Our football chief waves goodbye to Toby Alderweireld as a Red Devil: “He was perhaps the one who loved his country the most”

After the World Cup it still sounded that the 127-time international would continue. “Because I proved at the World Cup that I can still handle the level.” That was right. Despite all the concerns about the defense before the trip to Qatar, it was not the Vertonghen-Alderweireld duo that caused the Devils to fail.

What has happened in the meantime? Did the conversation about his future as a Red Devil with the new national coach Domenico Tedesco not go as well as expected? Was his inviolability as titular questioned? Or is the injury he suffered against Union in the semi-final of the cup something to do with it? With three games a week, the risk of injuries increases and after his family, Antwerp FC is his priority. That’s what he said himself.

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Proud of his country

With Alderweireld, one of the most loyal soldiers of the golden generation of Red Devils says goodbye. We remember how he glowed with pride when he made his debut, playing his 100th international match. The whole family in tears. For Belgium, the country of its city of Antwerp. Of all the Devils, he was perhaps the one who loved his country and his city the most. Something he experienced when he enjoyed his education at Ajax in Amsterdam and was devastated by homesickness.

Alderweireld has played 92 percent of all official matches since his debut. No Red Devil does better

Alderweireld’s performances were always so solid with the Devils that it was no longer noticeable how good he was. A six or a seven, rarely an eight or a four. His merits are greater than the points he got from us. The born Wilrijker was also always ready, was almost never injured. In his early days, he solved the problem of the right-back position under national coach Marc Wilmots as a central defender. Initially difficult, but more and more and always with that calm firmness coupled with the tireless commitment that characterizes him.


Of the 148 matches played by the Red Devils since his debut on May 29, 2009 at the Kirin Cup in Japan, he has played 127 times. That is an attendance of 85 percent. This way he gets the highest percentage of all still active Devils. He was mostly left aside in the practice matches. Because of the 105 duels with official commitment (qualification and final round matches for the European Championship, World Cup or Nations League), Alderweireld only missed eight. That’s 92 percent, even better.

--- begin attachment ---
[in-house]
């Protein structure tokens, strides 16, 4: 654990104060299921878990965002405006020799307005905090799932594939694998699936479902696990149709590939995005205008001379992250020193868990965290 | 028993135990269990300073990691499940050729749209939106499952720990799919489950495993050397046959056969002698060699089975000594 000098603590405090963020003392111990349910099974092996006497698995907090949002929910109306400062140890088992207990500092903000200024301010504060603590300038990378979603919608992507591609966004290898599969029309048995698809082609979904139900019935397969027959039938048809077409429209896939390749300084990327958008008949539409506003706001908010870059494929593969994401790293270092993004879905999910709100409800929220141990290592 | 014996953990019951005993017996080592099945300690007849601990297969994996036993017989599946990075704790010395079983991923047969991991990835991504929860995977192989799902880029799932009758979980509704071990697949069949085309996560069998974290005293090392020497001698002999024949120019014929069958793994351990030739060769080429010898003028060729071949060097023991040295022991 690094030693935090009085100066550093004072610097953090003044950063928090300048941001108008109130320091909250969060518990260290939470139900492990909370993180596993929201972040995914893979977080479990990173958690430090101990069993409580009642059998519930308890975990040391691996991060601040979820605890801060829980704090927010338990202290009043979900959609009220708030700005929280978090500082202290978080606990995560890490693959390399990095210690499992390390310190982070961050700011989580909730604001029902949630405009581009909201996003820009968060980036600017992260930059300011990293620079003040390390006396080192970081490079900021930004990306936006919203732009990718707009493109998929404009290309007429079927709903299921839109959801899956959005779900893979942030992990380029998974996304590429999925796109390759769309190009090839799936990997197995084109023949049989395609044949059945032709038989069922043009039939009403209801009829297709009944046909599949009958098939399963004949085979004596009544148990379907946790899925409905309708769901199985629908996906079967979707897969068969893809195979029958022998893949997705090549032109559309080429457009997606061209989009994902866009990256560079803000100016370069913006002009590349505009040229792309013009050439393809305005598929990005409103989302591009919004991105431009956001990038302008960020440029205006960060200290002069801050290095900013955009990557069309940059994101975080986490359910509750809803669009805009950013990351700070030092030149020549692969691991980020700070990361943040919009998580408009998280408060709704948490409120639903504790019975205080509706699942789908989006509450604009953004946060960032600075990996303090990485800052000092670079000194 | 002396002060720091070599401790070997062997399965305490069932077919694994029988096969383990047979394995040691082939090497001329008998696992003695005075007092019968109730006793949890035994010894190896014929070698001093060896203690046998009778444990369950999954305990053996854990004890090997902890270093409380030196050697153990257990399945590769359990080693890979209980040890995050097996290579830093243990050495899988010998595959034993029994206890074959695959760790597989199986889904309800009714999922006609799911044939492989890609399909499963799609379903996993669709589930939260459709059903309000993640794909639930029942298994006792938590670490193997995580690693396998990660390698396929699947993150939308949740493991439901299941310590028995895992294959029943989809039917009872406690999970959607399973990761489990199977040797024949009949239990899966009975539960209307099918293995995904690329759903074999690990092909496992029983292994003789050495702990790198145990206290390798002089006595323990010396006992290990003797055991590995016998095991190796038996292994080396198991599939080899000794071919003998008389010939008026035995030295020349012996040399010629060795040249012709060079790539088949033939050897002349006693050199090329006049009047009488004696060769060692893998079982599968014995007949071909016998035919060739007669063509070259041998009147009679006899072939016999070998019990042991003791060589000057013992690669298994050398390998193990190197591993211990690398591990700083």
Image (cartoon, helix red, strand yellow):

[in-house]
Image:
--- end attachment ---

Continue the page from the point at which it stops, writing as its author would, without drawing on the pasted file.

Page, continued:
To typify: he was the only one of the ideal Belgian defense Alderweird-Kompany-Vermaelen-Vertonghen to participate in that disastrously lost quarter-final against Wales at the European Championship 2016. Typical. Alderweireld was always there. His adaptability and mental toughness are immense. An example.


Below the radar

Yet around the stadiums where the Red Devils played, we rarely saw a fan with a Devils jersey with the name Alderweireld on the upper back. It was his destiny and he didn’t care. Since coming to Antwerp, he already appears once in a TV show such as Extra time, he gives interviews but before that he usually stayed under the radar. He was not a pioneer with the Devils either, preferred to sit on his own. Never a group animal that participated in every activity, wanted to assert itself in a card game or other group event.

Alderweireld did an excellent job. He didn’t become a defender because he couldn’t play football well, but because he thinks defending is an honorable position. A neat player who barely picked up a yellow card even in the demanding Premier League at Tottenham. That passion for that less popular side of football – defending – has also let him shave those high tops with the Red Devils.

Alderweireld makes way for a successor at the Red Devils and we must respect that. It was only a matter of time. But it will be hard to find another pillar that is always there.


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